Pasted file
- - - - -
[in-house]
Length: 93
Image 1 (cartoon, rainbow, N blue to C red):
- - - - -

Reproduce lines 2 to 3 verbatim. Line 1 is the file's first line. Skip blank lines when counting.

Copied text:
Length: 93
Image 1 (cartoon, rainbow, N blue to C red):